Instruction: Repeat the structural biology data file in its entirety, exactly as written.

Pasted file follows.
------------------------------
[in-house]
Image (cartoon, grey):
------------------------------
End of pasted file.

[in-house]
Image (cartoon, grey):